A new cross-university study will investigate the reasons why female participation in engineering tends to be higher in predominantly Muslim countries than in the US.
Researchers from Purdue University, Washington State University and Western Washington University will explore the “micro- and macro-level facilitating conditions” behind higher women’s participation in engineering in Jordan, Malaysia, Saudi Arabia and Tunisia. The percentage of women in engineering careers in these countries ranges from 24 to 50 per cent, which is substantially higher than the global average.
“If you look at overall women’s participation in engineering (in the US) it’s on the order of 15 to 20 per cent,” said Jennifer DeBoer, a principal investigator of the study and an assistant professor of engineering education at Purdue.
“Identifying factors that inhibit the participation of competent and interested women in engineering fields is a precursor to the nation gaining a competitive edge in sectors reliant on science and technology.”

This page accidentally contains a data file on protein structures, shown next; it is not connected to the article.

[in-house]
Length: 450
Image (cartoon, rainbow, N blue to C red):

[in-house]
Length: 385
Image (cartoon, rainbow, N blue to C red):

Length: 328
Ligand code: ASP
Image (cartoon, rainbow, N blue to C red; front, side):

Research will involve focus groups with three distinct sets of women: engineering students, engineering faculty members and practicing engineers in industry. The study is being funded by a two-year $589,000 grant from the National Science Foundation, and will aim to identify the mechanisms that motivate women to pursue engineering as a curricular and career choice. According to Julie Kmec, a professor of sociology at Washington State, the high rates of women in engineering in predominately Muslim countries (PMCs) is interesting for a number of reasons.
“Women’s engineering participation in PMCs is surprising for reasons beyond just the absence of collective national STEM-focused programmatic efforts to increase representation,” she said.
“Women in PMCs typically experience social, political and economic restrictions. In contrast, certain indicators suggest women’s status in the United States is among the highest in the world.”